There seems to be no end to this relentless global pandemic and with winter fast approaching, it is important for SMEs to support their staff whilst they work from home. With smaller teams more often than not benefitting from close knit relationships, working from home has made many SMEs reconsider their approach to workplace wellbeing.
I really enjoyed reading an article from Global Banking & Finance Review from this week that discussed how SMEs can support the five pillars of workplace wellbeing.
They discuss the five pillars of workplace wellbeing and how each one can be implemented within a remote working environment. Here's what I have summarised:
1. Mental & Emotional Wellbeing
Working from home, for many, has been heralded as a success but many have found themselves struggling to juggle the responsibilities of work and their personal lives. Therefore, open communication is key to supporting positive mental health. It is not as easy to communicate when working from home, so leaders must take the time to schedule regular one to one phone calls to discuss more than just work. Take the time to discuss non work related issues and allow your team to open up about their emotions and how they're feeling.
2. Social Wellbeing
If there is one thing the pandemic has proven, it is that we definitely need and value social interaction more than we may think. With many working from home, the small breaks to grab a coffee or to have lunch with colleagues have gone. It's therefore important to find new ways for employee's to still have an element of socialisation. A simple coffee break during the day for 15 minutes or a team quiz allows the team to socialise during work hours.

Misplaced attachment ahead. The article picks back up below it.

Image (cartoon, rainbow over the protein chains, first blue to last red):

3. Financial Wellbeing
For many, financial wellbeing has taken a hit as a result of the pandemic, with pay cuts, furloughing and reduced hours weighing heavily on many employees wellbeing. Improving financial wellbeing removes the stigma of talking about money and relieve stress. With Christmas coming up, many employers can offer schemes such as employee discounts, gift cards, vouchers considering there will be no Christmas party this year!
4. Physical Wellbeing
Being physically well means exercising regularly, eating right and getting enough quality sleep. The pandemic has certainly taken its toll on many people's physical wellbeing, with research from the Institute for Employment Studies finding that 60% of employees surveyed were exercising less while a third said they were eating less healthily. To help with this, employers can introduce healthcare schemes that encourage their team to get out and exercise more. Adding a little competitive edge to things can add some socialisation, as well as encouraging people to get out more often, even if it is just for a 15 minute walk.
5. Digital Wellbeing
Research from Onecom found that 83% of SME workers claim that the time they spend on their phone and using technology has increased since lockdown. A major reason for this is the lines between professional and personal lives have become a little more blurred, which can make it harder for people to have a clear start and end to their days. Employers must make sure that they're communicating and establishing clear rules of working from home, although it is also just as important to emphasise the ability to have increased flexibility which means if someone needs to go for a half an hour walk or go to the gym, it should not be frowned upon and staff should not feel nervous about not working.
With many people still working from home, we’re facing a challenging winter that will take its toll on staff wellbeing. Employers need to engage with all five pillars of workplace wellbeing to boost employee engagement, motivation, and productivity, all of which will be vital through the coming months.